Couple that with all sorts of other issues such as these musicians/singers living with their boyfriend/girlfriend, being an active homosexual, or engaging in all sorts of sinful and unsavory behavior 6 out of 7 days of the week, and if they were really honest, probably engaged in those things 7 days out of the week.

And I look at this and questions start flooding my mind…

…What is this communicating to the church?

…What is this communicating to the world who is looking in on the church?

…Where are our standards?

…Are worship teams simply believing that they are above these things and do not require these standards because we are more concerned with having a full worship team with professional sounding musicians and “quality”? Or do we just simply not care that the message we are sending to the church and the world is that “We don’t care how you live, just make sure you show up at practice and play well on Sunday?”

Over the years I have developed and reshaped how I view the worship ministry and I believe I have landed on a pretty healthy and biblical philosophy for what a worship ministry should look like.

Here it is:

  1. The Worship Leader is the head of the worship team. He/She is responsible for setting the temperature and standards for the rest of the worship team and ultimately the church. They manage the team from top to bottom and act as a spiritual leader to the members of the team and should have times of spiritual outpouring into their lives or at the very least have requirements that they belong to LIfeGroups or other ministries in the church that deepen and challenge their spiritual growth.
  2. Musicians and Singers are JUST as equally responsible to be “worship leaders” as is the Worship Leader. Sure the worship leader is the front and center person of the ministry, but each person on the team is just as responsible as the other for leading in worship since they are just as visible to the church.
  3. Leading Worship does not begin or end with stepping on or off the stage. It extends into every aspect of our lives. And whether we like it or not, people are watching us. And because of our visibility, we HAVE to make sure that we are living in line with a biblical standard of being above reproach.
  4. And for crying out loud, BE A CHRISTIAN!! I can’t even believe I have to say this….but seriously folks, you need to actually believe in, serve, and worship the very God you are leading others into worshiping. Otherwise, you are a liar.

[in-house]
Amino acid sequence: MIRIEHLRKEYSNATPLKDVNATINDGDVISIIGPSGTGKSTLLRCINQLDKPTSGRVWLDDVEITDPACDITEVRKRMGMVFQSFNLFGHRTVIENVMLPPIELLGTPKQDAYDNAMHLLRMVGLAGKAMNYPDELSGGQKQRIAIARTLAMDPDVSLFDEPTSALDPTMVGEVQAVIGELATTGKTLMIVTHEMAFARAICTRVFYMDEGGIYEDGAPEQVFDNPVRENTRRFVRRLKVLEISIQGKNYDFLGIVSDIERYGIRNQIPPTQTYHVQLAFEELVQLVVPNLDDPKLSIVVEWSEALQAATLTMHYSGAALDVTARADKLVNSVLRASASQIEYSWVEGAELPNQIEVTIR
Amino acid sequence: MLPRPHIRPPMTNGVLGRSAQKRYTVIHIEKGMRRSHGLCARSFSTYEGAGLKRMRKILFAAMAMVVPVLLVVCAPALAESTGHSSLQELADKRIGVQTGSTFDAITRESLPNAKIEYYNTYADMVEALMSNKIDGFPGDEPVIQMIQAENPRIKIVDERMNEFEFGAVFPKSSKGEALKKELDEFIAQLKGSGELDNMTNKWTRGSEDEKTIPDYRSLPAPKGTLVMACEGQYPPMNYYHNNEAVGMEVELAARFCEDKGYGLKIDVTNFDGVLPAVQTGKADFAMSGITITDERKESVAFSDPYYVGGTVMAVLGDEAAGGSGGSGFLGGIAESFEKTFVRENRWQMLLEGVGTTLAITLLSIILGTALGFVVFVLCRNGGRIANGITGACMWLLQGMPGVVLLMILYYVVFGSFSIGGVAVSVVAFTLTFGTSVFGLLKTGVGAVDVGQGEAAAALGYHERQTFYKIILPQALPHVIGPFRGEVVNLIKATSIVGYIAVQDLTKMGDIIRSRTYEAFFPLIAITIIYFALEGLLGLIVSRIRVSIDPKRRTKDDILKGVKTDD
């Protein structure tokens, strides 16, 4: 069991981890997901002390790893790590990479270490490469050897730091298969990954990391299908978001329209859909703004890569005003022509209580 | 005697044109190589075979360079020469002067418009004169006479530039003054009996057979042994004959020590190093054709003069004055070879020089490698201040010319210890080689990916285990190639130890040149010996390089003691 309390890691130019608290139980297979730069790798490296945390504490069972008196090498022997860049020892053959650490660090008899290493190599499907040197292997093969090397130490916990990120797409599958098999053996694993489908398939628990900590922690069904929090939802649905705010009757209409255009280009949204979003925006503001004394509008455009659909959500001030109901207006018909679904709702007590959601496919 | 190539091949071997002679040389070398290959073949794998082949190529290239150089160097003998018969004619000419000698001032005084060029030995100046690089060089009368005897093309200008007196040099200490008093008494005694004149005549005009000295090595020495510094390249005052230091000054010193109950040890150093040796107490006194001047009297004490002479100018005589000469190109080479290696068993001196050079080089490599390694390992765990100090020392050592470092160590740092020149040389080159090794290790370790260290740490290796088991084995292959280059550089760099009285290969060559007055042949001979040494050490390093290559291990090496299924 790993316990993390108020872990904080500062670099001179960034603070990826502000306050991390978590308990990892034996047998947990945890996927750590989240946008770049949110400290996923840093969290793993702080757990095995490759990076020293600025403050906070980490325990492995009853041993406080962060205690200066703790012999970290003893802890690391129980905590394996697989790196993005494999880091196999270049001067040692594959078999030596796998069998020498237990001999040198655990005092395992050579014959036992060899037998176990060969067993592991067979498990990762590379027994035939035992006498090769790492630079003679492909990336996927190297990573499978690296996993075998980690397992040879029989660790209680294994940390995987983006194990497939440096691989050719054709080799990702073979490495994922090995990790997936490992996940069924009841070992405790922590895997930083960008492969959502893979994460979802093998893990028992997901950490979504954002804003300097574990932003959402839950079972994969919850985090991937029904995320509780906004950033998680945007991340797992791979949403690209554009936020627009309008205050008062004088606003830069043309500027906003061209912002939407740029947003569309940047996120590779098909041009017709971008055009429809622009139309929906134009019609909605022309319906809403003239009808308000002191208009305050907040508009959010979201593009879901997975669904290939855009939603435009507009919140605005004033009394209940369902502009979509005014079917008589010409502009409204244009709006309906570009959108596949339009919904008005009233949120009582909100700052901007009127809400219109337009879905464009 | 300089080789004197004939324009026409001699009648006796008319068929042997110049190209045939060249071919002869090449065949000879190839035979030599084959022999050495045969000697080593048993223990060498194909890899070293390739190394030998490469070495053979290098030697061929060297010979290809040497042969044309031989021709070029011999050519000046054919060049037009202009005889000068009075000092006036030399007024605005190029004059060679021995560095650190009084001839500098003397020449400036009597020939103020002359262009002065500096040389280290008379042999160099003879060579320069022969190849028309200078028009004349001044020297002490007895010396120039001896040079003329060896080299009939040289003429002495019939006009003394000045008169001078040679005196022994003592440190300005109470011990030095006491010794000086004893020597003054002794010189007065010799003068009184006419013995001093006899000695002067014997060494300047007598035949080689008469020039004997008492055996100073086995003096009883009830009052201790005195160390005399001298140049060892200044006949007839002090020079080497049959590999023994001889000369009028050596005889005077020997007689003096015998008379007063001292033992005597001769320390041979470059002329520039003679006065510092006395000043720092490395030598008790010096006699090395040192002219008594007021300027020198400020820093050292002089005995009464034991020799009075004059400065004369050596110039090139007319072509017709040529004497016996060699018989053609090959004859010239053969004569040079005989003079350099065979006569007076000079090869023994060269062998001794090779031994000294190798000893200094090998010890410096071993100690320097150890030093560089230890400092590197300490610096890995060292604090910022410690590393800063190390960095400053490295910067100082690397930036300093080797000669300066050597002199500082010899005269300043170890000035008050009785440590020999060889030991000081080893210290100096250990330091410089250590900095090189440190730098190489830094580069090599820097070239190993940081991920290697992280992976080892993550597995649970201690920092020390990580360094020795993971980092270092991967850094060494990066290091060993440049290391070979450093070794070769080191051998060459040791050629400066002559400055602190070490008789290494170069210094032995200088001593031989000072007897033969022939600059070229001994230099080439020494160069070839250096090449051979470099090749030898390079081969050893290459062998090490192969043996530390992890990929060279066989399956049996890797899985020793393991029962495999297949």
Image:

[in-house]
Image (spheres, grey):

5. Have standards for your team. Because of their visibility, with that will come greater responsibility. And with greater responsibility will come greater requirements. These standards should be the first things mentioned to any prospective worship team member. If they aren’t onboard with the requirements, then the conversation isn’t worth taking any further.

If you have no standards, and you bring in musicians and singers who are not even believers in the God we worship, you are in essence engaging in “missionary dating” or “missionary marriage”. I totally appreciate the heart of these worship teams to want to believe that by allowing these kinds of people into the music ministry that they will provide an influence over these people’s lives that would hopefully lead them to Christ and change their life forever.

But just like in missionary dating or missionary marriage, this is rarely the case. And when it does happen it is more likely the exception and not the rule. And in the process of trying to be a missionary to them you are endangering your ministry, yourself, and your church.

If you want to be a missionary, and an evangelist, and lead others to the Lord, PLEASE DO! We need more people like that. But PLEASE don’t use the worship ministry of the church as the base camp for this outreach to the lost.

You must remember why the worship team exists to begin with:

  1. To lead people in worship of God
  2. To proclaim the message of God through music
  3. And to set the temperature of worship for the church

If they don’t believe in God, or believe in another god, or live like hell during the week and come in with no expectation of being “set apart”, how can you possibly expect them to accomplish the 3 things listed above?